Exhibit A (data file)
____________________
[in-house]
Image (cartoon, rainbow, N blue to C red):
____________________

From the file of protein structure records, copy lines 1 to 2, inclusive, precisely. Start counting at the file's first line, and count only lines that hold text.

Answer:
[in-house]
Image (cartoon, rainbow, N blue to C red):